Games vs Music - the stats

Ben Parfitt
Games vs Music - the stats
With any luck, MCV’s recent story stating that games now make more money at retail that music will have raised some very senior-ranking eyebrows at retail last week.

It is a shift in the balance of power that should make every supermarket and entertainment store in the UK re-assess where their priorities lie – and it is a transformation that is already well under way at the smarter of the existing outlets on the High Street.

Walk into any HMV or Zavvi now and it’s clear to see that games is gaining in prominence – and, speaking purely anecdotally, most Woolworths I have seen of late are swamped with games, leaving music to offer a few bargain basement albums. It neatly encapsulates the contrast between gaming’s popularity and the mess that the music industry is currently in.

The Entertainment Retailers Association 2008 Yearbook is a tome that seems very aware of this – and for once, it seems the games industry isn’t viewed as the plucky upstart industry. Quite the opposite, in fact – it suggests that other markets might do well to acknowledge and learn from gaming’s recent successes.

“One thing the music business can learn from the games industry is the way it introduces new and attractive products into the marketplace on a regular basis to stimulate the customers and it is disappointing that during 2007 record companies were slow to create innovative new music products,” says ERA chairman Paul Quirk. “ERA will continue to lobby for this during 2008 and we hope to see a greater variety of music products available going forward.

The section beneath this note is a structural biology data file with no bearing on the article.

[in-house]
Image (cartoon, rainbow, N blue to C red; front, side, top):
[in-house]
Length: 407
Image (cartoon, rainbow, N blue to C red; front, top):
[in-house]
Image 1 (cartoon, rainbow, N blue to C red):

“One bright point has been the games business which has been the star of 2007, seeing sales growth of over 25 per cent year-on-year. There may be lessons to be learned in the way the Wii has harnessed traditional gameplay and movement with computer technology, suggesting that technology in itself is not always the answer.

“This is the true value of ERA in understanding all sectors of the market and learning from its experiences across product lines.”

But it’s not all good news. The shift towards music downloads could soon have a huge impact on the games business – it’s just fortunate that we now have a ready-made case study of how to tackle these changes.

“Both games and video have seen sales grow during 2007, but undoubtedly will start to feel the pinch as both games and video move into a digital environment,” suggests ERA director general Kim Bayley. “Both these sectors will have learnt from the experiences in the music industry and should be better placed to face the challenges ahead.”

Clearly the games industry has been the star of 2007 – now it must keep up that momentum to really prove that it is more than a fad.

AVERAGE VIDEO GAME PRICES

Music/Video Specialists
2005 - £24.20
2006 - £22.33
2007 - £24.11

Computer Software Specialists
2005 - £20.92
2006 - £21.13
2007 - £21.23

Multiples
2005 - £22.00
2006 - £21.34
2007 - £22.68

Supermarkets
2005 - £22.12
2006 - £20.73
2007 - £21.57

Internet
2005 - £19.91
2006 - £19.28
2007 - £19.33

Total Market Average
2005 - £21.33
2006 - £20.95
2007 - £21.31